Sunday, July 27, 2014

What is capitalism? (2000)

From the December 2000 issue of the Socialist Standard
"Anti-capitalism" has become a popular slogan, and a good thing too. But if this is to have a positive impact people have to be clear as to what they mean by capitalism
To put our cards on the table straightaway, what we mean by capitalism is an economic system where productive resources are used as "capital", i.e. they are used to produce more wealth with a view to profit; this sets in motion an impersonal and uncontrollable economic mechanism which leads to the accumulation, in fits and starts, of more and more capital, of more and more wealth used to produce further wealth with a view to profit. Capitalism is, then, a system of capital accumulation. Hence, of course, its name.
Not just a market economy
This is not how defenders of capitalism like to portray things. Many shun the c-word and talk instead about a "market economy". To most people a market is a friendly place where you buy things you need so the term "market economy" is employed so as to conjure up the idea of an economy geared to serving consumer demands.

It is possible to envisage such an economy on paper but it would be vastly different from capitalism. It would be an economy of self-employed farmers, artisans and shopkeepers, each producing a particular product which they would exchange on the market, via the medium of money, for the products produced by the others which they needed. There would be no profit-making, no exploitation and no accumulation, just independent producers exchanging their products for their mutual benefit.
The farmers, butchers, bakers, candlestick makers and others would be producing their particular products which would sell at a price reflecting the average amount of time required to produce it. There would be no profit and no exploitation because everybody would be receiving the full value of what their labour had produced. They would just be exchanging so much labour in one form for the same amount in a different form.
Marx called such an economy "simple commodity production" (a commodity being, for him, an item of wealth produced for sale), but it is doubtful whether it has ever existed in a pure form. The nearest that may have come to it would have been in some of the early colonial settlements in North America, but even Adam Smith writing over two hundred years ago in 1776 assumes an economy in which there is already production for profit and accumulation.
Capitalism is indeed a market economy, but not a simple market economy. A key difference of course is that under capitalism production is not carried out by self-employed producers but wage and salary workers employed by business enterprises. In other words, under capitalism, the producers have become separated from the means of production. This makes all the difference. The producers are now not bringing to market what they have produced (that belongs to their employer, the owner of the means of production) but only their working skills, so they receive the value not of their product but only of their ability to work, which is less. The product is still under normal circumstances sold at its full labour-time value but the proceeds go not to the direct producers but are pocketed by the owners of the means of production. Profit is the difference between this and what they pay, as wages and salaries, for the working skills they purchase on the labour market.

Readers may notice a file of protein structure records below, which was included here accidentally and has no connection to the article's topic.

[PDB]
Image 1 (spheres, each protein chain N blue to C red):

Production for profit
So capitalism is not a simple market economy. Marx explained the difference well when he said that what happens in a simple market economy is that the producers brought to market a product of a certain value which they sell for money in order to buy another product or products of equal value. The economic circuit is commodity-money-commodity (C-M-C), the aim being to end up with a basket of useful things. Under capitalism the economic circuit is different. A capitalist sets out with a sum of money which they use to buy commodities (factory buildings, raw materials, working skills) that can be used to produce other commodities with the aim of ending up, after these other commodities have been sold, with more money than they started off with. So the circuit is now money-commodities-more money (M-C-M').

It is now clear why capitalism cannot be described as an economy geared to satisfying consumer demands. The products of capitalist production have to find a buyer of course but this is only incidental to the main aim of making a profit, of ending up with more money than was originally invested. Production is initiated not by what consumers are prepared to pay for to satisfy their needs but by what the owners of the means of production calculate can be sold at a profit. This is what makes the wheels of capitalism grind—or not grind, or not grind so quickly, as the case may be—depending on the level of the rate of profit.
But the picture of capitalism is still not complete. Capitalist investors want to end up with more money than they started out with, but why? Is it just to live in luxury and consume in riotous living? That would suggest that they aim of capitalist production was simply to produce luxuries for the rich. Once again, it is possible to envisage such an economy on paper. Marx did, and called it "simple reproduction", but only as a stage in the development of his argument. By "simple reproduction" he meant, logically enough, that the stock of means of production was simply reproduced from year to year at its previously existing level; all of the profits (all of M' less M) would be used to maintain a privileged, exploiting class in luxury and idleness. As a result the M in M-C-M' would always remain the same and the circuit keep on repeating itself unchanged.